Bluefield Daily Telegraph, Bluefield, WV

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September 9, 2012

Family’s characteristics evident through hodgepodge on the bookshelf

For too many months it’s been my guilt. “Puck,” a novel weaving threads of an extraordinary dog with a family’s struggle with breast cancer, has been gathering dust in a basket on the kitchen counter.

I began devouring its pages many months ago when friend and co-worker Sue Richmond loaned it to me. Three-quarters into the pages I got busy. Work — at home and the office — began dominating my time. “Puck” was pushed to the sidelines.

Years ago nothing would have kept me from the ending. But, from childhood to adult years, life changes. And it changes us.


It was a few days before the stark contrast of the new hard-bound book on the “reserved” shelf claimed attention. But once noticed, the oddity of its placement could not be ignored.

Years ago, after the final page of “Harry Potter and the Half-Blood Prince” had been turned, it had absentmindedly been placed on top of a row of old, worn books handed down through the family.

Select works of Kipling. “Paradise Lost” and other poems by John Milton. Homer’s “The Odyssey.” Dialogues of Plato. Plays by Gilbert and Sullivan. Aristotle’s “One Man and the Universe.”

As diverse as the subject matter may seem, these books and several others share key characteristics: the volumes have been handed down through generations of “readers,” and someone in the family appreciated the writing style or subject matter — or both.


There’s a lot to be learned about an individual or family by taking a close look at the authors and titles lining bookshelves. Mine is a hodgepodge of moods.

Authors of classic works share space with modern kings and queens of the horror genre (Stephen King, Dean Koontz, Ann Rice). Beautiful, illustrated pictorials documenting the history of specific countries stand beside an assortment of nonfiction works about nature, wildlife and dogs.

“The Women’s War in the South,” which a teen-age nephew once rolled his eyes at after declaring it “one of those Oprah-type books,” is a neighbor to novels by primarily unknown authors who penned works that claimed attention from page one to the final chapter.

“A Tale of Two Cities” is also a tale of real estate of taste. Its placement, half-hidden behind a framed, family snapshot, illustrates a dislike for Dickens — despite the novel’s great opening. (I’ve tried to enjoy him — I really have — but for some reason we just don’t click.)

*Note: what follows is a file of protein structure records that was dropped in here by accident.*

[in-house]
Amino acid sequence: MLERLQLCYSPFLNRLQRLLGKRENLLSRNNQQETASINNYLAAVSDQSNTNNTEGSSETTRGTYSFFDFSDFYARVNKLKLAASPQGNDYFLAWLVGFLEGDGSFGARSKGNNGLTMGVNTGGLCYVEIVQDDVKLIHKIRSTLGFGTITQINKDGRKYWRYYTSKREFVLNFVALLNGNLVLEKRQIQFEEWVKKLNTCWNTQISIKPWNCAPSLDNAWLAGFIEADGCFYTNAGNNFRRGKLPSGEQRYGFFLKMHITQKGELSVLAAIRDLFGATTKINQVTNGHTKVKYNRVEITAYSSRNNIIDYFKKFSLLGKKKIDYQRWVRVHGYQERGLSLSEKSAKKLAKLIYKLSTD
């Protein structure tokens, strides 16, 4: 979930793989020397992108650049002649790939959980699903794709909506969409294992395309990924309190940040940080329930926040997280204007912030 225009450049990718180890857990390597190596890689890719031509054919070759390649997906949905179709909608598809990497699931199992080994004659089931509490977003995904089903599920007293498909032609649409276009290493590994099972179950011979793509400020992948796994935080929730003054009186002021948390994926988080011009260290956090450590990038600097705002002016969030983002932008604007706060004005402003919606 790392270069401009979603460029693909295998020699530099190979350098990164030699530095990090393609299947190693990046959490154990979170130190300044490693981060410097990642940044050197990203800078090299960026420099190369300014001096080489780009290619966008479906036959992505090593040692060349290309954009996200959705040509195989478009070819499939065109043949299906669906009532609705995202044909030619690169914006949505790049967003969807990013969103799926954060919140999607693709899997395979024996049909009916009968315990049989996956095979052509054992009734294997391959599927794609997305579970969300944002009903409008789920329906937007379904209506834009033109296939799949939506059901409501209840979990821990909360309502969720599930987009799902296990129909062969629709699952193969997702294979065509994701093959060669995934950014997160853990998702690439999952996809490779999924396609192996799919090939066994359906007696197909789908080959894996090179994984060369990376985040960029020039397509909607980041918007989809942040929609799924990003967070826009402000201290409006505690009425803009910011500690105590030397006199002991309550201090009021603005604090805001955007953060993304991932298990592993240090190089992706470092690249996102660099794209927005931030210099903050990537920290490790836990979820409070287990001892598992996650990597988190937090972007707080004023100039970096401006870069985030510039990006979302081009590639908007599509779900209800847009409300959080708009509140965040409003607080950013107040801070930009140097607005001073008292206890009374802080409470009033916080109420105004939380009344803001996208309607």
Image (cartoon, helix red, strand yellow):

Garnering the best spots are books with meaning. A beloved dog-eared copy of “The Magic World of Fairy Tales,” given as a gift from a great-uncle when I was still too young to read, “Eats, Shoots & Leaves,” a must for any writer who has quirks about semi-colons and commas, and anything by Shakespeare, loved from the first reading of “Romeo and Juliet.”


I was well into my teen-age years before I realized not all families shared a passion for the written word. At our house, it was the norm to see someone — adult or child — reclining on the couch, sitting in the shade on the front porch, or sprawled under the heavy limbs of an apple tree with his or her nose stuck in a book.

When a volume was left unattended, it was typically easy to recognize its owner by the subject matter. My childhood Nancy Drew mysteries, with bright yellow covers, were a stark contrast to the heavy science fiction fare generally preferred by my oldest brother. But, occasionally, the tastes collided.

I was still very young when this same brother found me scouring the house for “something good” to read after I had finished my newest stacks of books.

He went to his room and brought back a copy of “The Hobbit,” advising me to “give it a shot.”

I was immediately hooked by the main character’s name, Bilbo Baggins, the imagery of a comfortable hobbit hole and the amazing fantasy world of Middle Earth. This very same book has since been passed on to younger family members who also share a passion for Tolkien.


Whether or not one has read the Harry Potter series, one must continue to give credit to J.K. Rowling for inspiring a new generation of readers. The tales of Harry and his friends, Ron and Hermione, prompted children and their parents to stay up late for each book and movie midnight release as they eagerly awaited the trio’s newest adventure.

In recent decades, what else has driven children to stand in line for hours? Cabbage Patch dolls. Power Rangers. The newest, hottest, technology driven video gaming system. When Potter Mania was sweeping the nation, it was rewarding to see the written word finally garnering its due share of attention.

If a love of J.K. Rowling’s series motivates more children to begin searching their homes — or tablets — for other good books, Kipling, Milton, and even Dickens, may one day have a new group of fans.


I look at “Puck” and, once again, feel regret. I’ve never ignored my love of novels for so long. Recently, my passion for the written word has been relegated to newspapers, websites, emails, texts and tweets.

But now it’s time to put my priorities in place and read something that has a plot with more than 140 characters.

It’s time for me to bring home some new characters to battle it out for the coveted spots on the bookshelf. It’s time to once again bury my nose in a book and forget — at least for a little while — about the real world around me.

Samantha Perry is editor of the Daily Telegraph. Contact her at Follow her @BDTPerry.

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